Friday, June 3, 2016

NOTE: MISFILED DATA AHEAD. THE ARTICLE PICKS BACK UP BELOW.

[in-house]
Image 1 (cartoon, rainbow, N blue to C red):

HOLOCAUST SURVIVOR TO SPEAK IN THOMASTON The opportunity to hear the first-person account of a Holocaust survivor is often a once in a lifetime experience. Join us on June 18, 2016, as Manuela Mendels Bornstein shares her story. WHAT “A Survivor’s Story: Manuela Mendels Bornstein” A program presented by the Georgia Commission on the Holocaust in cooperation with the Upson Historical Societ Free to attend and open to the public WHO Holocaust survivor Manuela Mendels Bornstein - Manuela Mendels Bornstein was born in Paris, France, to a Dutch father and a German mother. In July 1942, the French police concentrated 13,000 Jews in the Velodrome d'Hiver sports arena in Paris for days without food or water before deporting them to Auschwitz-Birkenau. Life for Manuela and her family changed dramatically when they narrowly escaped this major deportation through the help of some friends who were active members of the French resistance. With their help, the family moved to Legot, a small village in the unoccupied zone of southern France. They hid there using false identifications papers which had been provided to them by the mayor. Assisting Jews put him and his own family at risk. No one in Legot denounced them. After Paris was liberated by the Americans on August 25, 1944, the Mendels returned to Paris to find that most of their Jewish neighbors had not survived. In 1960, Manuela moved to New York. She met her husband and the couple moved to Atlanta in 1972. They have 2 sons and 4 grandchildren. WHEN June 18, 2016 2:00 p.m. – 3:30 p.m. WHERE R.E. Lee Auditorium 250 East Lee St. Thomaston, GA 30286 w w w . h o l o c a u s t . g e o r g i a . g o v WHY The sheer number of people affected during the Holocaust is almost incomprehensible. The ability to bring speakers to audiences in Georgia is an important aspect of the Commission’s support of Holocaust education. By replacing the statistics with personal stories, the survivors and victims are given a voice and it also ensures that the Holocaust is never forgotten. CONTACT Emma Ellingson Public Education Manager, Georgia Commission on the Holocaust 770-206-1555 The Georgia Commission on the Holocaust is a secular, non-partisan state agency administratively attached to the Secretary of State. The Commission consists of fifteen members appointed equally by the Governor, Lt. Governor and Speaker of the House. The Georgia Commission on the Holocaust strives to preserve the memory of the Holocaust and promote public understanding of the history. It ensures that learning how and why the Holocaust happened is an important part of the education of Georgia citizens. It encourages reflection upon the moral questions raised by this unprecedented event and the responsibilities of citizens in a democracy. The Holocaust was the state-sponsored, systematic persecution and annihilation of European Jewry by Nazi Germany and its collaborators between 1933-1945. Jews were the primary targets. Jews were the primary targets. During the era of the Holocaust, German authorities also targeted other groups because of their perceived “racial inferiority”. Roma and Sinti (Gypsies), people with mental and physical disabilities, and Poles were also targeted for destruction or decimation for racial, ethnic, or national reasons. Other groups were persecuted on political, ideological, and behavioral grounds, among them Communists, Socialists, Jehovah’s Witnesses, and homosexuals. Soviet prisoners of war and political dissidents, also suffered grievous oppression and death under Nazi Germany. (Source: United States Holocaust Memorial Museum) ###

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